This week I found an additional action that for me personally has made such a HUGE difference.
  • Making a commitment - ie stating the goal as ... "I commit to ......" (Note the lack of use of 'want' 'need' 'desire' 'dream' 'would like' 'hope' or 'pray' or lack of any energy of 'desperation' 'fear' 'lack' or 'failure') 
Committing to my goals has:
  • Enabled the action plans to become a whole lot clearer
  • Provided the inspiration to change and therefore provided the motivation to take action
  • Alerted ever fibre of my being of the need to achieve my goals. Which has made it a necessity to find ways of achieving them. It's as if they've gone from green to red on a RAG report.
  • Set my filters to high alert to notice the opportunities to achieve my goals (will follow up in a later blog about the impact our filtering of the world has on our experience of it - in the mean time just set an intention to notice cars with coloured alloys and notice what you notice about the frequency you notice them)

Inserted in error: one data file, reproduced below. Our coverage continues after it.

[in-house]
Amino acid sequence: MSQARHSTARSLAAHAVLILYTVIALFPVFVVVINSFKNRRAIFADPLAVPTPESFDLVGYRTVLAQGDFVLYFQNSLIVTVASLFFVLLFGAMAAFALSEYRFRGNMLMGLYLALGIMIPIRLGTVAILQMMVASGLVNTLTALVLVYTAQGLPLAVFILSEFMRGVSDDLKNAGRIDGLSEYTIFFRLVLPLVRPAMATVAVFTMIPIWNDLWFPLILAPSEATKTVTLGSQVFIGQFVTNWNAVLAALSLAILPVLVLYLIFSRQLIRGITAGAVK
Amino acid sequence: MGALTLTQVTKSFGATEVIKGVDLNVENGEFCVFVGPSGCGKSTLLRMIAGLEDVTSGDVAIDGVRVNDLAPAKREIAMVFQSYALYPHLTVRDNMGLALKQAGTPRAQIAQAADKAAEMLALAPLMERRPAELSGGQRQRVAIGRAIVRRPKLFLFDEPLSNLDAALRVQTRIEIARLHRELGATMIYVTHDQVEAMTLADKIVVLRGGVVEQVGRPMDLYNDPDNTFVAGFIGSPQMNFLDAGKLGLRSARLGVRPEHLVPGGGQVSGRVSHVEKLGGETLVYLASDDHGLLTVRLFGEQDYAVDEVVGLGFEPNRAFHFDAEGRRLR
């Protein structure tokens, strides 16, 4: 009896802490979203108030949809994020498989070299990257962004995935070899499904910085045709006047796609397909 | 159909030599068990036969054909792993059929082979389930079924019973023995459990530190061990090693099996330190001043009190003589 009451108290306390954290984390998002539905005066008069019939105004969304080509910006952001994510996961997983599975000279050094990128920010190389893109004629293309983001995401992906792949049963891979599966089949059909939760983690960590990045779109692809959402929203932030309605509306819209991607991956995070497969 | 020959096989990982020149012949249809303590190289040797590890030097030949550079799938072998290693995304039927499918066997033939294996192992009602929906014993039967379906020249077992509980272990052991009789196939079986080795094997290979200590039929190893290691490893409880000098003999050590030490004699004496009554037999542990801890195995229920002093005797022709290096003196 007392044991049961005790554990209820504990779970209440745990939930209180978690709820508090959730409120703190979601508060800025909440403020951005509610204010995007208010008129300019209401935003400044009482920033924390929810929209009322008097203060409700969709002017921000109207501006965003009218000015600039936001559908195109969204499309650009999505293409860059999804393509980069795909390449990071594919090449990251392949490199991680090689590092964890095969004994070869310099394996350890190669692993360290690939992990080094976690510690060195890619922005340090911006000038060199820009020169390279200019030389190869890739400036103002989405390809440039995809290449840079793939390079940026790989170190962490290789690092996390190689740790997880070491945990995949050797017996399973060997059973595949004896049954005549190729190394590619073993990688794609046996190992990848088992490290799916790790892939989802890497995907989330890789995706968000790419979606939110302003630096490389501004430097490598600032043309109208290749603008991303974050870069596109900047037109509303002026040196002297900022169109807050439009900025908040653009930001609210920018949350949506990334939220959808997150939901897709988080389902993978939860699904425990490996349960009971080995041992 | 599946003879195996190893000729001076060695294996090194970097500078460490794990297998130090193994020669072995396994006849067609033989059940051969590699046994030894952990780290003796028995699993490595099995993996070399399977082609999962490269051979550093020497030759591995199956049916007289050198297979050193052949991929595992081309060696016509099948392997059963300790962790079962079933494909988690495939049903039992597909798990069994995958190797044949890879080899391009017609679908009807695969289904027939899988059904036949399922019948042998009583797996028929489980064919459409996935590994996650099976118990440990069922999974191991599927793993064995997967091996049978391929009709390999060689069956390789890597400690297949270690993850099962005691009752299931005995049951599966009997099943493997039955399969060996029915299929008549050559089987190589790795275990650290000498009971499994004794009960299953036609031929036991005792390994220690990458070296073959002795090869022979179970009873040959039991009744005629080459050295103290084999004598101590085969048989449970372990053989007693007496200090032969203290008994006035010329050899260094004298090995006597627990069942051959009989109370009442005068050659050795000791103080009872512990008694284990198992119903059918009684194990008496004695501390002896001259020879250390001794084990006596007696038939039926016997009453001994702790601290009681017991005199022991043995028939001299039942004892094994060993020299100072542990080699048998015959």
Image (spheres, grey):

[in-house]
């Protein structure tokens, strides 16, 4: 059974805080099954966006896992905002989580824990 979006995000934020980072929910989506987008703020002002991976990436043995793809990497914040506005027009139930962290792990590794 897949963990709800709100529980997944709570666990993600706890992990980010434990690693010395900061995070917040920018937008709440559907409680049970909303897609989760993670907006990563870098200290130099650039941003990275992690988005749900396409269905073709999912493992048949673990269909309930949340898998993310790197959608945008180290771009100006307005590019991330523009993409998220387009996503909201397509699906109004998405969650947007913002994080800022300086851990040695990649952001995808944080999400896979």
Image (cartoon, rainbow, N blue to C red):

• Brought in a more peaceful energy about my belief in me achieving my goals - its as if because I'm now 'committed' then of course I'll achieve them 
I'm wondering if you've also had any ahhas when achieving your goals and discovered the difference that makes the difference to your success? If so please do share in comments below as I'd suggest different strategies work at different times for different types of goal - so a more comprehensive list to reflect on will always use useful.

Alison Smith
Inspiring change inside and out in purchasing, procurement and strategic sourcing 

I'll also write a blog next week on the different ways the Landscaping your life process, where I use nature as our teacher, can be used to assist with goal setting. For now you can find out more about it on Facebook & Pinterest